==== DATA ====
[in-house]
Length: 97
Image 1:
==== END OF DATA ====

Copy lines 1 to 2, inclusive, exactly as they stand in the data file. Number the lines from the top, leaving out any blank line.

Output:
[in-house]
Length: 97